I’ve used H.323 videoconferencing units from home before, but since there tends to be long spaces of time between these configurations it seems I always have to “relearn” several things to get all the equipment working properly. I spent five years as a university director of distance learning working extensively with videoconferencing, and then used videoconferencing quite a bit for the two years I worked for AT&T as a regional “education advocate.” Even though I’m pretty familiar with videoconferencing lingo and the requirements, setups can still be time consuming. As with many technology issues, a single incorrect setting can be a point of complete failure when it comes to making two-way connections with audio and video. My old Linksys wireless router finally died about a year ago and I’ve been using an Apple Airport Express router (which I love) at home ever since. Because my Tandberg videoconferencing unit needs to plug directly into an Internet router, however, and the AirPort express doesn’t have a fixed port for other ethernet devices (it just provides WiFi access) today I picked up a new Netgear router at Radio Shack for $40.
It took me a few hours in all, but I finally got the Netgear router and my Tandberg unit configured not only for videoconferencing access but also secure WiFi and free content filtering via OpenDNS. In this post I’ll share the highlights of my configuration setup and a few lessons learned.
When you videoconference with a H.323 codec from a university, often the IT department is able to assign a static IP address which is always dedicated to a particular videoconferencing unit. That is generally the best scenario. After you’re connected to the network (usually with an ethernet cable rather than a wireless connection) you have to enter the following info into your videoconferencing unit:
- Local IP address (usually starts with 192 or 10.)
- Subnet mask
- Gateway or Router address
- DNS numbers
After the unit is online with the dedicated IP address, the IT department generally has to open up specific ports for videoconferencing in the firewall to permit both upstream and downstream audio as well as video. IP configurations can vary widely. Sometimes IT departments will assign a public IP address for a videoconferencing unit, but most don’t like to do that either for security reasons or because dedicated IP addresses can be hard to come by in some organizations. If you don’t assign a fixed IP address into the unit and use a local IP address, generally it is best to still have a global IP address “mapped” to your local static IP address so you can receive incoming videoconference calls from the outside world. If you don’t have a global IP address either mapped or entered into your unit, you generally have to dial out to make any type of videoconference connections. People can’t call you, but you can call them.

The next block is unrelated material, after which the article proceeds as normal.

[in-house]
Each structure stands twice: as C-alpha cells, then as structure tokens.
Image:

For a home-based videoconferencing setup over a high speed cable modem, like I have with Cox Cable of Oklahoma, the setup situation is a little different. My high speed Internet provider assigns dynamic IP addresses to customers, which means the address which someone would use to call me or my videoconferencing unit can change periodically. Just like a phone number, generally you want to have a consistent IP address which people can use to call you if needed. Because of this need, I used the services of DynDns to create a custom domain name which people can use to call me over H.323 video.
Before I explain those procedures, however, I should cover the basics. The first things I did when I configured my new Netgear home wireless router was to login to the router and change the administrative password from “password” to something more secure. It is less common today, I’ve noticed, but sometimes people will still simply plug in a wireless Internet router and not configure any security or change default admin settings. This can be a bad idea, if you have a neighbor that wants to play tricks on you.
To log into the Netgear router, the instructions indicated I could use a web browser and link to the address www.routerlogin.net. Alternatively, the way I’ve logged into routers in the past is by looking at my IP address settings. These are viewable on a Mac (with OS 10.5.7) by selecting the Apple menu, System Preferences, Network, and then clicking the Advanced button.